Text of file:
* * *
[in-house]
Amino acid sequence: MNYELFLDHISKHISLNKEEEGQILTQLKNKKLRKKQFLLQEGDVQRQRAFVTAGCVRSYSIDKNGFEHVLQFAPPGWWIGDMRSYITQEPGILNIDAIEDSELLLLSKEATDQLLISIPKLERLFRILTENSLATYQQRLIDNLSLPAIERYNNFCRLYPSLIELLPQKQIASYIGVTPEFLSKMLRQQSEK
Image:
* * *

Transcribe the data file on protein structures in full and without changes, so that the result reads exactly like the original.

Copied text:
[in-house]
Amino acid sequence: MNYELFLDHISKHISLNKEEEGQILTQLKNKKLRKKQFLLQEGDVQRQRAFVTAGCVRSYSIDKNGFEHVLQFAPPGWWIGDMRSYITQEPGILNIDAIEDSELLLLSKEATDQLLISIPKLERLFRILTENSLATYQQRLIDNLSLPAIERYNNFCRLYPSLIELLPQKQIASYIGVTPEFLSKMLRQQSEK
Image: